My wife and I have been exploring Xbox Live Arcade games for several years now. Classic and simple gameplay elements, eye-pleasing graphics, and easy to pick-up-and-play, XBLA titles are just what the love doctor ordered at our house. Unfortunately, some developer at some point decided that it was a good idea - for difficulty's sake - that in their game the current mission would end if one player went down.
I understand that there is some strategic value in this, but I wonder how many game makers consider just who is playing these games together. It might be okay to force two lifelong friends to have to protect each other in-game, but when couples are playing (and specfically married couples) there is always the possibilty that one may have to continue on when the other is defeated. I dare say that households in which both partners are equally skilled are rare. It's not a stretch to acknowledge that one player may end up carrying both through the levels.
The Renegade Ops Life Insurance policy assures the beneficiary the ENTIRE SCREEN upon their spouse's death.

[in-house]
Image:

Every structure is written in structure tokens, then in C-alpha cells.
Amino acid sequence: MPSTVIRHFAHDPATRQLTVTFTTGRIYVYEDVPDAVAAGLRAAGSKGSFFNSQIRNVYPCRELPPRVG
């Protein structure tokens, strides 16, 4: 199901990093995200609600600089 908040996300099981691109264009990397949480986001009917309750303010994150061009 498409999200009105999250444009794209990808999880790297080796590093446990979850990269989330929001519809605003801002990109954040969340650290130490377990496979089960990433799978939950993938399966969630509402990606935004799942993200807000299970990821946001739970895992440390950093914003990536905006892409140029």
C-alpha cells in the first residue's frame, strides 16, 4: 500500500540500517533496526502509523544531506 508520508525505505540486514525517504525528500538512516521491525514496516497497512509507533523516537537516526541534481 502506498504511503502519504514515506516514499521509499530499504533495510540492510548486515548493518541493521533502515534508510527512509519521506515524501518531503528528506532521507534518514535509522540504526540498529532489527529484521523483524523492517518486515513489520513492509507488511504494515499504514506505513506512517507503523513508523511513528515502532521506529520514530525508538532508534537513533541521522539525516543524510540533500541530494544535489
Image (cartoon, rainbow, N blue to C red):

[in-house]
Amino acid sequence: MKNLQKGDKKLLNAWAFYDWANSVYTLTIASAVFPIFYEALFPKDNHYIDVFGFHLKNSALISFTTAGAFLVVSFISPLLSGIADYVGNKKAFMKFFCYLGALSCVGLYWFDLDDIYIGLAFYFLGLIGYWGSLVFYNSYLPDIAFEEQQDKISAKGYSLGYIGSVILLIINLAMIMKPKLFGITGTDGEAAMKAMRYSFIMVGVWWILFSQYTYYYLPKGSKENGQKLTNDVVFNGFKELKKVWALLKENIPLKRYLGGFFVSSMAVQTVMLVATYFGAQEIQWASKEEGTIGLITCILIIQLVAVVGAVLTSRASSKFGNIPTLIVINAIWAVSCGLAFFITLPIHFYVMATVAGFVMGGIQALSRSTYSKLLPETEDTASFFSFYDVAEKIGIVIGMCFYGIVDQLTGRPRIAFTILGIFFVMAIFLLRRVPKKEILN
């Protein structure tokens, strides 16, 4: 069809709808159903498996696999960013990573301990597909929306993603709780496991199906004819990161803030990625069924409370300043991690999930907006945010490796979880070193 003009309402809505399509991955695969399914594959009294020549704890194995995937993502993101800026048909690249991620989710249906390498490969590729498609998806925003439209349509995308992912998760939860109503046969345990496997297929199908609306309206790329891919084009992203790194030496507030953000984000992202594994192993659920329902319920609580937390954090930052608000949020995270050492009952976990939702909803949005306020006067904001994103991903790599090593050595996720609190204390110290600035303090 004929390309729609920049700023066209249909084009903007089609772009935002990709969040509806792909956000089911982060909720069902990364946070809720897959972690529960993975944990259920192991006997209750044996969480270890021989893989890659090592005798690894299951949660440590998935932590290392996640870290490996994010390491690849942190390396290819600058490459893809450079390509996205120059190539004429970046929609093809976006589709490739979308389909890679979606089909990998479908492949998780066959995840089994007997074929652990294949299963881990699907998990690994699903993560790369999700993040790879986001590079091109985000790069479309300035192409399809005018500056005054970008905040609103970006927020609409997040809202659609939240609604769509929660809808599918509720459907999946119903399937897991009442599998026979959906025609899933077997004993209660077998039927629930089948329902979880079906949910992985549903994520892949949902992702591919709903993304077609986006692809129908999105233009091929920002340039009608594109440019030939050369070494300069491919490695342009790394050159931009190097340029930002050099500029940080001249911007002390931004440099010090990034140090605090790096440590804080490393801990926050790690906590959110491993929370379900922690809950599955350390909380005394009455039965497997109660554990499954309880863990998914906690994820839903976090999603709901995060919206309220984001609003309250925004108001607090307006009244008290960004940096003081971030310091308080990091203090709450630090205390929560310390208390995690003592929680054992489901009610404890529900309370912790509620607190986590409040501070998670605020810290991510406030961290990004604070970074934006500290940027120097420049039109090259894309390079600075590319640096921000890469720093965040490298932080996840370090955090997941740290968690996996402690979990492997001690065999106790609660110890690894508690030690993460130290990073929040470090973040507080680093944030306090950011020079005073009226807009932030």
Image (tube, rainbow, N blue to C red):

Games that allow one player to progress even after the other has been defeated are what I call "widowmakers". Renegade Ops is a "widowmaker", and kudos to Avalanche Software for it. Games that end the mission for both players when one goes down are what I call "Shakespearean tragedies". Yes, I am making these up as I go.
I can attest to the extreme frustration of having to restart at a checkpoint every time my wife runs out of lives. My wife can attest to the extreme frustration of being the one who holds back progress for both people. (Whomever came up with the phrase, "ol' ball and chain" must have played a lot of "Shakespearean tragedies".)
And so Renegade Ops has added itself to our library with a bit of flair, and over an obscure feature that could be considered less co-op friendly (as compared to a "revive" feature or shared lives).
"I will avenge you, my love (while you go make me a sandwich)!"
It's not so much a matter being separated as it is being a stronger element paired with a decidedly...uh, less strong element. Gaming with your high school football teammates - or your shopping buddies - and gaming with your spouse or date are totally different situations. Needless to say a mismatched gaming team like my wife and I are grateful for the accidental "couples friendliness" that many arcade-type games have when they allow us to each have our own playing style.
The surviving victim of a widowmaker should never be afraid to continue once their loved one has passed away, and should never be forced to quit under the same circumstances. Thank you, Renegade Ops, for giving me a reason to carry on.